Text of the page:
We believe that Hoffmann knew that Lukowitz was not the ultimate decision maker well before that. But we also think that Hoffmann very reasonably understood that Lukowitz was authorized by Red Owl to be a conveyor of decisions made at headquarters. In fact, Red Owl never disputed Lukowitz’ agency in this regard. If a jury believed Hoffmann's testimony that Lukowitz said that the people at the home office had told him that the "only hitch" to Joe being granted a franchise was the sale of the bakery, we think the jury could reasonably find the statement to be a promise. This understanding is entirely consistent with the encouraging attitude of the Red Owl officials at the Chilton meeting. It is possible that Lukowitz overstated what he had been told by the home office officials. There is some reason to believe that some officials at the home office had not yet considered the adequacy of Hoffmann's proposed investment in the new franchise. But Lukowitz failed to convey this information, if he knew it. Moreover, Lukowitz knew he was persuading Joe Hoffmann to do something that Hoffmann did not want to do. Had Lukowitz only made carefully limited statements about what might influence the home office decision, Red Owl would have been justified in deciding to deny Hoffmann a franchise for good, bad or no reason. But Hoffmann testified, credibly, that Lukowitz did make highly encouraging statements about Red Owl's commitments that prompted significant reliance.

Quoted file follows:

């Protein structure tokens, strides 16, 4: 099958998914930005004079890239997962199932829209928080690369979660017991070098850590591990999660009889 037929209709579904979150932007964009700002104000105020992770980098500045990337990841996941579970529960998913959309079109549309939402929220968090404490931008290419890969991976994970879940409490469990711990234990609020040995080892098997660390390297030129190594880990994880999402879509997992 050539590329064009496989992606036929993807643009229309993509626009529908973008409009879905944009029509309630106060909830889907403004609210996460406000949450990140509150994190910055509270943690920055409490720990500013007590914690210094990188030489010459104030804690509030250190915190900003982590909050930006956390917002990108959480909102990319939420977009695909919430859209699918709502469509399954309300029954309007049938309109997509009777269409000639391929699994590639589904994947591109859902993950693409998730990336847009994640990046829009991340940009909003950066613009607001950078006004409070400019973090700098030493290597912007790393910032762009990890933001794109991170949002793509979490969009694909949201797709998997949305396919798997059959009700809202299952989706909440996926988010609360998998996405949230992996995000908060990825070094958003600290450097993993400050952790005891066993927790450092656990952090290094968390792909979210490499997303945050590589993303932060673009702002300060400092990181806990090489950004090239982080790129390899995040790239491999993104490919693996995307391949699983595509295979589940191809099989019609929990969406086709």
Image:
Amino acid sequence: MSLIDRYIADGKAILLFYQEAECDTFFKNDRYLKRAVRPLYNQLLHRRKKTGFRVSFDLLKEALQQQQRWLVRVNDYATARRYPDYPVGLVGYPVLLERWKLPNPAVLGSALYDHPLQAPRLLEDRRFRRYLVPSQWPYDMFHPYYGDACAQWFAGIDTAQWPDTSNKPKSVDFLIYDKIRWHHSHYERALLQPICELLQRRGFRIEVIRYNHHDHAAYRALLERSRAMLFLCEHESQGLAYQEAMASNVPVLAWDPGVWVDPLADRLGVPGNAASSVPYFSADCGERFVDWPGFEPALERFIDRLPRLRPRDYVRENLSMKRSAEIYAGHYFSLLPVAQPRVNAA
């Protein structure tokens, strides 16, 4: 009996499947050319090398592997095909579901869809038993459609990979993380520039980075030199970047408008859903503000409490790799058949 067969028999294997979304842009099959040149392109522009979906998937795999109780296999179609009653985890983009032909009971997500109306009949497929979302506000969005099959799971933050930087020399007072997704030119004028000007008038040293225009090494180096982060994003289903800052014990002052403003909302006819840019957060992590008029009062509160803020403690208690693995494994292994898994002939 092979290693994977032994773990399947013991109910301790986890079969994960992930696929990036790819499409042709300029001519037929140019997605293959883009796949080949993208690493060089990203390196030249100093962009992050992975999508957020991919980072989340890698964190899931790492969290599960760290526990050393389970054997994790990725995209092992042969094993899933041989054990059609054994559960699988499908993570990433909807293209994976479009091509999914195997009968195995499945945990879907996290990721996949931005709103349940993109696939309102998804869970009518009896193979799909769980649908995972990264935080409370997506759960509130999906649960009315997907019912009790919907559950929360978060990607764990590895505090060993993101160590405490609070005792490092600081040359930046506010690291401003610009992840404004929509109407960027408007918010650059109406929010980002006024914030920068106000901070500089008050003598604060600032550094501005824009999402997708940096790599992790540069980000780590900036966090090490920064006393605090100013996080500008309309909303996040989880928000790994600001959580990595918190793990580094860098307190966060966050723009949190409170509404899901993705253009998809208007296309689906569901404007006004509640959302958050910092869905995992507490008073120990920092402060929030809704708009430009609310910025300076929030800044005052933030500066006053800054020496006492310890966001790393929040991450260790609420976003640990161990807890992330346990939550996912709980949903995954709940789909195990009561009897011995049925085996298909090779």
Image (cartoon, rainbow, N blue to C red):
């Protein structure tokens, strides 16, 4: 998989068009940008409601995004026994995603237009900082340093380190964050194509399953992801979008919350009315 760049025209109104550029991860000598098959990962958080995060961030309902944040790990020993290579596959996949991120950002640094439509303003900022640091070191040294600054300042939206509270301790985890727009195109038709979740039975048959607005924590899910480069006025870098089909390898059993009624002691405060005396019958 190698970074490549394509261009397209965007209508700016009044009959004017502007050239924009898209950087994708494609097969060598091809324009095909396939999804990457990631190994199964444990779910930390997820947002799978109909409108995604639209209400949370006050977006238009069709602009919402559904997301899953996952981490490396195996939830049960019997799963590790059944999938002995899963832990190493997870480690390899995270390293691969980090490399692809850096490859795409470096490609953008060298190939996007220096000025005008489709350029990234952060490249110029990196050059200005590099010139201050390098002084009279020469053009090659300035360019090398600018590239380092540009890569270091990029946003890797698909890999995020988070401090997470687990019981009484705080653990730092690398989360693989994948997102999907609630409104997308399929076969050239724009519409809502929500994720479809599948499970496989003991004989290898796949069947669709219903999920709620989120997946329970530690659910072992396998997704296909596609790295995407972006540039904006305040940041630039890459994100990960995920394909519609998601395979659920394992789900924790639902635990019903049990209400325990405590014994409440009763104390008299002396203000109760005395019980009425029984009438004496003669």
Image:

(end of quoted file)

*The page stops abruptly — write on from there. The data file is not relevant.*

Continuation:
Note the potential agency law issue -- whether Lokowitz was authorized to make the key representations to Hoffmann -- and the fact that Red Owl did not press this issue. Perhaps Red Owl knew that they would lose under the doctrine of apparent authority, or perhaps Lukowitz was, in fact, told to make those representations, only to have "corporate" change its mind about Hoffmann. Either way, Red Owl loses on the agency issue.

Elsewhere in the paper, Whitford and Macaulay portray Lukowitz as a "Red Owl employee who wanted to keep his job" because Lukowitz denied making important assurances to Hoffmann. While Lukowitz comes off in the case as a pawn, to me he looks like an irresponsible intermediary who was the primary cause of the dispute. While it's possible that someone at Red Owl's headquarters told Lukowitz that the "only hitch" in the deal was the sale of Hoffmann's bakery, I think it's more likely that Lukowitz was overstating Red Owl's actual commitment.

Although Red Owl is treated as a single person for purposes of this lawsuit, it's worth remembering that Red Owl has multiple decision makers in the hierarchy. My guess is that none of them had a strong incentive to approve this deal. Certainly, we wouldn't expect anyone above Lukowitz to get a commission (and Whitford and Macaulay note that even Lukowitz may not have had that sort of incentive). While these middle managers have some incentive to grow the company, they often have a bigger incentive to avoid mistakes than to pursue gains.

Think of it this way: if the store failed, the obvious question for HQ would be, "who authorized this?" If, on the other hand, the store succeeded, HQ would be less likely to focus on who authorized the store and more likely to focus on who found Hoffmann (i.e., Lukowitz). Thus, the middle managers and Lukowitz have asymmetric incentives, and I suspect that these incentives account for Lukowitz's excess zeal and HQ's excess caution.

UPDATE: When I went back to the case after reading Bill and Stewart's paper, I was surprised to see no mention of agency law. They told me in the paper that Red Owl didn't press the issue, but I guess I didn't quite believe them. Larry Ribstein feels the same way.